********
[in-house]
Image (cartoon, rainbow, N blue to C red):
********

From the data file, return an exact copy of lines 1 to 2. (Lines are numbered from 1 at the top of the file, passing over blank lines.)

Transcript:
[in-house]
Image (cartoon, rainbow, N blue to C red):